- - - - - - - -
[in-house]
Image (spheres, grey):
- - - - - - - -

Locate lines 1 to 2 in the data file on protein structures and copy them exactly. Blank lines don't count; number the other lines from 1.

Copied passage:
[in-house]
Image (spheres, grey):